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Rosen-Schranz-drug use-associated-endocarditisDavid Rosen, PhD, MD, and Asher Schranz, MD, MPH, members of the Institute for Global Health and Infectious Diseases, found people with drug use-associated infective endocarditis are at high risk of mortality and future hospitalization for bacterial infections, including endocarditis, skin and soft tissue infections and bacteremia. The study, a collaboration with the North Carolina Healthcare Association, and researchers from Duke and the University of Alabama Birmingham, was published in Clinical Infectious Diseases.

The researchers performed a retrospective cohort study of patients discharged after hospitalization for drug-use associated infectious endocarditis (DUA-IE) in North Carolina, including all documented adult patients in the state with a DUA-IE hospitalization between 2016 and 2020 and who had their first documented DUA-IE hospital discharge between Jan. 1, 2017, and Sept. 30, 2020. Then, they estimated the long-term risk of the first incident infection occurring after patients’ initial DUA-IE hospitalization.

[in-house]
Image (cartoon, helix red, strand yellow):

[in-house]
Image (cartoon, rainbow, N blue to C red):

The 3-year risk of mortality or hospitalization for a serious infection was 38%.  The risk of incident infection rose over the 3 years of follow-up years, with the 1-year, 2-year and 3-year cumulative incidence of a subsequent hospitalization for a serious infection being 18%, 23%, and 29%, respectively. 

Read more in Healio News. Find the published manuscript here.

Authors also included Mary C. Figgatt, PhD, MPH, lead author, Vivian H Chu, MD, and Li-Tzy Wu, ScD, MA. Schranz was the principal investigator.